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Andrea

Housing Styles

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I know we fuss about "cookie cutter" houses these days, but frankly they've been around a long time. In the old days, they literally came out of the box, straight from the Sears Roebuck catalog.

Here's an Atlanta neighborhood from the 1920's, and an example of the houses Sears was selling in those days. It's really interesting, if you drive around town you'll see dozens of similar styles.

Here's a fascinating website, showing the many styles Sears offered over the years:

History of Sears' Homes

houses.jpg

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Gee, the prices were sweet back then, too. $2,065 would get you a really nice house!

sears%20ad.jpg

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WOW, so in 1920 you could get a decent 4 bedroom home for $2065. Now you can just barely get a decent home for 200 times that amount. My how times have changed.

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I know we fuss about "cookie cutter" houses these days, but frankly they've been around a long time. In the old days, they literally came out of the box, straight from the Sears Roebuck catalog.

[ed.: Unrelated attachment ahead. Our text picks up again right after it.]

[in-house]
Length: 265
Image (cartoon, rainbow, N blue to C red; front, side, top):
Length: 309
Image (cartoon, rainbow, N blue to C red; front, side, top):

Here's an Atlanta neighborhood from the 1920's, and an example of the houses Sears was selling in those days. It's really interesting, if you drive around town you'll see dozens of similar styles.

Here's a fascinating website, showing the many styles Sears offered over the years:

History of Sears' Homes

houses.jpg

Ha! One of my cousins' fiancees runs a "Dream House" business. He seems pretty good at it as well.

If you ask me, crackerbox houses are cookie cutter if anything is, albeit they are quite as extravagantly designed as the houses you've shown us and the McMansions we see today.

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Don't forget to post a Craftsman style - which was specifically a Sears style before it became a popular early bungalow style.

Sorry - Gustav Stickley termed the arts & craft concept in the late 1800's. But my familiarity with the house style was through Sears - this is (though they "Tudored" it up) the typical Craftsman home that is all over Virginia Highlands:

1200kenyon.jpg

This had always been our dream house - either a full triangle or often a partial porch forming a mini-triangle in the front. There are always variations, especially as some homes have been retrofitted that a house addition has been built on the side of the porch.

But I understand your point Andrea - we often dismiss clear cut cookie-cutter style subdivisions, but often our most cherished urban & inner ring neighborhoods were once just that. I've seen an early picture of Ansley Park when there wasn't a tree in sight - I had even mistakenly thought it was a Civil War picture, as the homes were just under construction & the ground looked bare. Virginia Highlands of course was also the typical 1920's suburban neighborhood, middle class families living in the most modern housing style of the time - FULLY ELECTRIC! It was this time when Virginia Highlands was booming & Grant Park & Inman Park were in the early stages of decline, as Victorian was already considered antique & gaudy.